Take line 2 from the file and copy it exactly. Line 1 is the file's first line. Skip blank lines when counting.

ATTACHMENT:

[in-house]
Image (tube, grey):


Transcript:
Image (tube, grey):